|The first excerpt represents the element of Air. It speaks of mental influences and the process of thought, and is drawn from Emma by Jane Austen:
"I hope he does," replied Mr. Knightley coolly, and resuming the letter.
"`Smallridge!'--What does this mean? What is all this?"
"She had engaged to go as governess to Mrs. Smallridge's children--
a dear friend of Mrs. Elton's--a neighbour of Maple Grove; and,
by the bye, I wonder how Mrs. Elton bears the disappointment?"
"Say nothing, my dear Emma, while you oblige me to read--not even
of Mrs. Elton. Only one page more. I shall soon have done.
What a letter the man writes!"
"I wish you would read it with a kinder spirit towards him."
"Well, there is feeling here.--He does seem to have suffered in finding
her ill.--Certainly, I can have no doubt of his being fond of her.
|The second excerpt represents the element of Fire. It speaks of emotional influences and base passions, and is drawn from Robinson Crusoe by Daniel Defoe:
which he did for a time, the scene not being near ended yet; for
after the poor man and his wife were risen again from their knees,
we observed he stood talking still eagerly to her, and we observed
her motion, that she was greatly affected with what he said, by her
frequently lifting up her hands, laying her hand to her breast, and
such other postures as express the greatest seriousness and
attention; this continued about half a quarter of an hour, and then
they walked away, so we could see no more of them in that
I took this interval to say to the clergyman, first, that I was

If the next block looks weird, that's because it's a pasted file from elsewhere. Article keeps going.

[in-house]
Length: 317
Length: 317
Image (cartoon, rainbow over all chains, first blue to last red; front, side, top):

glad to see the particulars we had both been witnesses to; that,
|The third excerpt represents the element of Water. It speaks of pure spiritual influences and feelings of love, and is drawn from Rasselas, Prince of Abyssinia by Samuel Johnson:
sublime delight can be in one nation but the lot of one, it is
surely reasonable to think that there is some satisfaction more
popular and accessible, and that millions can hardly be subjected
to the will of a single man, only to fill his particular breast
with incommunicable content."
These thoughts were often in his mind, and he found no solution of
the difficulty. But as presents and civilities gained him more
familiarity, he found that almost every man who stood high in his
employment hated all the rest and was hated by them, and that their
lives were a continual succession of plots and detections,
stratagems and escapes, faction and treachery. Many of those who
|The fourth excerpt represents the element of Earth. It speaks of physical influences and the impact of the unseen on the visible world, and is drawn from The Island of Doctor Moreau by H. G. Wells:
struck the lug and began paddling out to sea. I could not bring myself
to look behind me.
I lay, however, between the reef and the island that night,
and the next morning went round to the stream and filled the empty
keg aboard with water. Then, with such patience as I could command,
I collected a quantity of fruit, and waylaid and killed two rabbits
with my last three cartridges. While I was doing this I left
the boat moored to an inward projection of the reef, for fear
of the Beast People.
XXII. THE MAN ALONE.
IN the evening I started, and drove out to sea before a gentle wind
The Island of Doctor Moreau